Comprehensive study of Brighton’s utilties approved to gain insight into future needs

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By Crystal Nelson

BRIGHTON – The city of Brighton’s Utilities Department is moving forward with a comprehensive rate and fee study for utilities services. During its April 15 meeting, council voted unanimously to allocate $63,800 in funding for Willdan Financial Services to complete the study. 

According to Assistant Utilities Manager Sarah Borgers, the need for a comprehensive rate and fee study came out of a utilities business plan that council adopted last year. She said the goals of the rate study are three-fold.

“The first is obviously to make sure we are financially able to meet our nine goals in the business plan that council adopted last fall,” she said. “In addition to that, we want to promote fair and equitable rates and fees for our customer categories and promote and incentivise water conservation.” 

Borgers said the study will take many factors into account, which will include reviewing historical usage data based on the type of customer, completing a forecast and reviewing the city’s infrastructure needs.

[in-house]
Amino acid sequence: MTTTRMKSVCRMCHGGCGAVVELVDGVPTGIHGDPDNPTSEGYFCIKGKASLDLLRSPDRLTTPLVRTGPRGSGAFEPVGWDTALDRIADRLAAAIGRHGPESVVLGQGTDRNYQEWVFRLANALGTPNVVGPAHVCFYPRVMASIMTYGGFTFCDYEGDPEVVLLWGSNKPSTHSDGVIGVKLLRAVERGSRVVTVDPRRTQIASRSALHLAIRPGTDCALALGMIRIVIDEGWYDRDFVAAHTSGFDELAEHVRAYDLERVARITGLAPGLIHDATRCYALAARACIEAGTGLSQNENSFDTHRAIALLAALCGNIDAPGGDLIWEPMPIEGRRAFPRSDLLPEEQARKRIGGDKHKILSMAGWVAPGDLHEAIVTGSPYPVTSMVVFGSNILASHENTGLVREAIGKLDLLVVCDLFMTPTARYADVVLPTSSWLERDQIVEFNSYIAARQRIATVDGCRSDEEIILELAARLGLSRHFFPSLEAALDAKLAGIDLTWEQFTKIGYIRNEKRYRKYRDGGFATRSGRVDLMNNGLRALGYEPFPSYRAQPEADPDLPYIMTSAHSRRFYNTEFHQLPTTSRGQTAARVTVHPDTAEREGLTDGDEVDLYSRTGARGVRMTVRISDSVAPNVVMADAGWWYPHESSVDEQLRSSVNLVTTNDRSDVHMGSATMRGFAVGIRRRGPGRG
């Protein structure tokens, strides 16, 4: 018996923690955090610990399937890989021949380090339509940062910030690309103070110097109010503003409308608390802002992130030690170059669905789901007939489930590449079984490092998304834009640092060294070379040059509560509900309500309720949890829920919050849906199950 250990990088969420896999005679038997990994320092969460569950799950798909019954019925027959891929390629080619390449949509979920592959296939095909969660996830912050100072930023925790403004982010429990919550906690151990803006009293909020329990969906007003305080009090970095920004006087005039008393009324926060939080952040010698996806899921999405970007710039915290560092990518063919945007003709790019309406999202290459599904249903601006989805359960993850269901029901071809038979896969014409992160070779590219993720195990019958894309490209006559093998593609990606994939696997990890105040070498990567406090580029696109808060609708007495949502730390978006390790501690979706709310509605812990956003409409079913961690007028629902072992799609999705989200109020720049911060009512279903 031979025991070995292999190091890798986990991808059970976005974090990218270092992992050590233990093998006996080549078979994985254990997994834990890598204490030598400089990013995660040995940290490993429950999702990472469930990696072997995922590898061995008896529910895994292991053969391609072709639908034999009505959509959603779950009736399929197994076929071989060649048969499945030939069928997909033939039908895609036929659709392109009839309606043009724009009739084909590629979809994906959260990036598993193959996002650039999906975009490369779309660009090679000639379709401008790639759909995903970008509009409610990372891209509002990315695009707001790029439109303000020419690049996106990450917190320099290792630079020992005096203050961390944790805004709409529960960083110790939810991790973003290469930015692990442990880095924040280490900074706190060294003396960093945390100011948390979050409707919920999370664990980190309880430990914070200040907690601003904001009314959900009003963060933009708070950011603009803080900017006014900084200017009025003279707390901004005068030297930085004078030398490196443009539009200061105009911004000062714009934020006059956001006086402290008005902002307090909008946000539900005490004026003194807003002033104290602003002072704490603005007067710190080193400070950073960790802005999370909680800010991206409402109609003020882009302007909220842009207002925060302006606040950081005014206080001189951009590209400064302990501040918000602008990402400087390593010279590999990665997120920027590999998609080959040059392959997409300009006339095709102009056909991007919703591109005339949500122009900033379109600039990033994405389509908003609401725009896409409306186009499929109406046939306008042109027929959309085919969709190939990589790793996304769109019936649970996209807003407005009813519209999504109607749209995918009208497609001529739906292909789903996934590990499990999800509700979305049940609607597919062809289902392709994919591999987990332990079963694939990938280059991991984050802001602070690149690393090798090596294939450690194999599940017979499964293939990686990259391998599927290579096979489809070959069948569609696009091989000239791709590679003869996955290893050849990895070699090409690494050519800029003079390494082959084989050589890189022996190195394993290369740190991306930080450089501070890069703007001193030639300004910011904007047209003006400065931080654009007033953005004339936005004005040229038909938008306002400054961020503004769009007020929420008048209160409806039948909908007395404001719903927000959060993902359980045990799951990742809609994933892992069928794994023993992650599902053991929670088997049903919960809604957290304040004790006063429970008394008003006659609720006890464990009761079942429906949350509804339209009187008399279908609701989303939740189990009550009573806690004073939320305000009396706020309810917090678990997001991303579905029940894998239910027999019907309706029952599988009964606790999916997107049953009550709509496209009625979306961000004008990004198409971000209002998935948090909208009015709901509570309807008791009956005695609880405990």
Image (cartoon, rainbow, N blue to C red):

She said making sure the department is adequately funded so it can continue to provide services to customers is one of the department’s biggest struggles, especially when in comes to infrastructure. She added that the consultants will also look at whether the city’s fees for customers are adequate for its needs, and that their findings will be taken into account when considering future rates. 

Finance Director Dan Frelund said the comprehensive study wasn’t included in the 2014 budget when it was put together last fall and that the budget amendment is being taken out of the fund balance. Although Willdan Financial Services are proposing they can complete the study for $58,000, Frelund said they’re including an additional 10 percent to “include any functionality that may occur during the project phase.”

Borgers anticipates the study will be completed around August or September. She said the goal is to get the study done in time for it to be included in the city’s budget process for 2015.